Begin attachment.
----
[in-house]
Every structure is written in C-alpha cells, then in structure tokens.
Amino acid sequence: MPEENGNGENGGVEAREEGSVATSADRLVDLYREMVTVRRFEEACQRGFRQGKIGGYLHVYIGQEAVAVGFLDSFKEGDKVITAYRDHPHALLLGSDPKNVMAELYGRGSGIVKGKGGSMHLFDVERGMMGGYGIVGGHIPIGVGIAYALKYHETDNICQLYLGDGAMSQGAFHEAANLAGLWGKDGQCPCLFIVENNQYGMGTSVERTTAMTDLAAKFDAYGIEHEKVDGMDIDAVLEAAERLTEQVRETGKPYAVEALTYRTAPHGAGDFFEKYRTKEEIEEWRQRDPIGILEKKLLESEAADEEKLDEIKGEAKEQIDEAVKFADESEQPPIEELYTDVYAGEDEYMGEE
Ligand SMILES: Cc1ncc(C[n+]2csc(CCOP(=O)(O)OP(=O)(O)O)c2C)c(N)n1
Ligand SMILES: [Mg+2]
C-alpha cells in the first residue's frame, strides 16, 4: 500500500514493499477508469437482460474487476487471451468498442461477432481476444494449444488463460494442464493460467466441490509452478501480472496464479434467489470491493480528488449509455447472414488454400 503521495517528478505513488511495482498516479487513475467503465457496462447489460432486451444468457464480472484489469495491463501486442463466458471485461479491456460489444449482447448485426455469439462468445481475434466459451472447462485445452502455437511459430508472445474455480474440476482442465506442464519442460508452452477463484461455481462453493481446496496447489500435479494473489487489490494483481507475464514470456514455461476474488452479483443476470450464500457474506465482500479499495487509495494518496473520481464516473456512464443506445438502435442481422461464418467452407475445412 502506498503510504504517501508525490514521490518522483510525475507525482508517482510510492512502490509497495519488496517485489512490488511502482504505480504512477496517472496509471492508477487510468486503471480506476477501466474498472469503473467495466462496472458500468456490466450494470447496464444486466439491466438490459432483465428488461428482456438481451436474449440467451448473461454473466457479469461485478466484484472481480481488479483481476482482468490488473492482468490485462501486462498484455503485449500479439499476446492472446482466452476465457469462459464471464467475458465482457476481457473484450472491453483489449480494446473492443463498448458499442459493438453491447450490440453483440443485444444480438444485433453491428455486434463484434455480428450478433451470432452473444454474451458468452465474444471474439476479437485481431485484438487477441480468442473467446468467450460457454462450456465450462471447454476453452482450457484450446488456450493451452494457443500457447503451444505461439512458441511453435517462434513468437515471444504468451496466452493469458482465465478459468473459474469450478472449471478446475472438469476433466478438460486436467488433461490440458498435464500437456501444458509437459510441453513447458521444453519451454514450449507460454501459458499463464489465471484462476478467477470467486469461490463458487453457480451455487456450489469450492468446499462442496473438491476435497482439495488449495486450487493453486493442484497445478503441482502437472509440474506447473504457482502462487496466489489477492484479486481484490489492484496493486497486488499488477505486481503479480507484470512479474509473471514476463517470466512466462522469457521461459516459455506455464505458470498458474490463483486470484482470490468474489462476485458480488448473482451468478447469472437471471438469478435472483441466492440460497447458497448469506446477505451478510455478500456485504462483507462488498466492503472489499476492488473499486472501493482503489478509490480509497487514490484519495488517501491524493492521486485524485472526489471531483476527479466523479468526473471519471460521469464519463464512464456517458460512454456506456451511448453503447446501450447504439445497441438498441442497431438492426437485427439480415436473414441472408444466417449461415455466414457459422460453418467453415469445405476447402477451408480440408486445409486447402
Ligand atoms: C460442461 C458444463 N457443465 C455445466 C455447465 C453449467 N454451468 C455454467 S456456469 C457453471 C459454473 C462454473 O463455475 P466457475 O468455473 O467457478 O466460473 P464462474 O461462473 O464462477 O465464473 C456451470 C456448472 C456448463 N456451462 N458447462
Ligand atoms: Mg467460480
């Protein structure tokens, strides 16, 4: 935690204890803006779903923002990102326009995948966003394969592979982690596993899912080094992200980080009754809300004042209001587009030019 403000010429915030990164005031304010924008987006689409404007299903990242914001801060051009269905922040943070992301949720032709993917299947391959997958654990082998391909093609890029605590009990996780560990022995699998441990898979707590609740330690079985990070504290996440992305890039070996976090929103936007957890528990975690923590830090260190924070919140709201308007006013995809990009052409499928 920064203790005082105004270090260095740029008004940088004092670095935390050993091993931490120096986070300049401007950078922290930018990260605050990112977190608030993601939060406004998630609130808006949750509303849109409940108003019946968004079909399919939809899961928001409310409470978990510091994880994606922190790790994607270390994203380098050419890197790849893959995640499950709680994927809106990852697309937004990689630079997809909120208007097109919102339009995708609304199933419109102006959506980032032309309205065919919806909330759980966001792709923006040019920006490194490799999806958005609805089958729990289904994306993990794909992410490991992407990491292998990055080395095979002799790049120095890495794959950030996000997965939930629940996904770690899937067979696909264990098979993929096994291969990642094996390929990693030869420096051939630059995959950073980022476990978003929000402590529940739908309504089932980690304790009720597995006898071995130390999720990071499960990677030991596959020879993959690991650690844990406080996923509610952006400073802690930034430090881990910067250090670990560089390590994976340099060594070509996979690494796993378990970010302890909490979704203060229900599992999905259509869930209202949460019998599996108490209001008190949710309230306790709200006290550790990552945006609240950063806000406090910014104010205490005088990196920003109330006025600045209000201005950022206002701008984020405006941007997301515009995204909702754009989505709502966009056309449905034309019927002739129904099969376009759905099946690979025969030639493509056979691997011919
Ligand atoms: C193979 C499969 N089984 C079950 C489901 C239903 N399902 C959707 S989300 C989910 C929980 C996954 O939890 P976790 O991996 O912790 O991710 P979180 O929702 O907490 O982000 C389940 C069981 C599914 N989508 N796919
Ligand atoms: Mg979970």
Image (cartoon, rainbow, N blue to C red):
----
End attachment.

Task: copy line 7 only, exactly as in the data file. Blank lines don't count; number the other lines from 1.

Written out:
Ligand atoms: C460442461 C458444463 N457443465 C455445466 C455447465 C453449467 N454451468 C455454467 S456456469 C457453471 C459454473 C462454473 O463455475 P466457475 O468455473 O467457478 O466460473 P464462474 O461462473 O464462477 O465464473 C456451470 C456448472 C456448463 N456451462 N458447462